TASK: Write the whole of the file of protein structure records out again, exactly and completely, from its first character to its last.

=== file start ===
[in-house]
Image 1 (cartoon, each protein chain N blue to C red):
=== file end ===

[in-house]
Image 1 (cartoon, each protein chain N blue to C red):